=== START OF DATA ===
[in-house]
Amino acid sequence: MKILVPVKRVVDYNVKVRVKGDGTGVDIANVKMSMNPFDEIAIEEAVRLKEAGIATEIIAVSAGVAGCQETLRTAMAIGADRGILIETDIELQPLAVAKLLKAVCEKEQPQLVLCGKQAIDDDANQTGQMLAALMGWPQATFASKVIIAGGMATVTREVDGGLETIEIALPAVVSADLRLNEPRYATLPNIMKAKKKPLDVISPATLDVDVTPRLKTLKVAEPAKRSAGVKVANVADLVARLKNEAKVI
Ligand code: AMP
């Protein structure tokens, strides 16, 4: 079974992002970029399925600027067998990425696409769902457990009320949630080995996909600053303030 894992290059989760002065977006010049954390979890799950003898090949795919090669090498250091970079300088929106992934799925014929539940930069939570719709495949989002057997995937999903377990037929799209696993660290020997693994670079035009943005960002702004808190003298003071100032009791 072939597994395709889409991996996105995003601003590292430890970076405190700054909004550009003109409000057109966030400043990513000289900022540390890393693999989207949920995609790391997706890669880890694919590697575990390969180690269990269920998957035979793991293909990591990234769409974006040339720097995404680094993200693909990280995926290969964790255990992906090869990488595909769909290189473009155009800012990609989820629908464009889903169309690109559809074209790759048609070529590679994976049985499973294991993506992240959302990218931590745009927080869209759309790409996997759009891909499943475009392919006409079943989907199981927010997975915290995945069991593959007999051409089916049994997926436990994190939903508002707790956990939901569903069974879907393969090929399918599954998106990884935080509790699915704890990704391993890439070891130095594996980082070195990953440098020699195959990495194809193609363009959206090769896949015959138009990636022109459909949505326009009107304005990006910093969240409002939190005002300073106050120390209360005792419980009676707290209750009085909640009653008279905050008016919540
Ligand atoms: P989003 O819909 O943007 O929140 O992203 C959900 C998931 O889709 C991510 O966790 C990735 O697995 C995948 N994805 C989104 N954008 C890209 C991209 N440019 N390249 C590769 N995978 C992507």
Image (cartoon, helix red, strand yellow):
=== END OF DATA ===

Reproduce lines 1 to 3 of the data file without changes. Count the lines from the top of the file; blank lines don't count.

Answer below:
[in-house]
Amino acid sequence: MKILVPVKRVVDYNVKVRVKGDGTGVDIANVKMSMNPFDEIAIEEAVRLKEAGIATEIIAVSAGVAGCQETLRTAMAIGADRGILIETDIELQPLAVAKLLKAVCEKEQPQLVLCGKQAIDDDANQTGQMLAALMGWPQATFASKVIIAGGMATVTREVDGGLETIEIALPAVVSADLRLNEPRYATLPNIMKAKKKPLDVISPATLDVDVTPRLKTLKVAEPAKRSAGVKVANVADLVARLKNEAKVI
Ligand code: AMP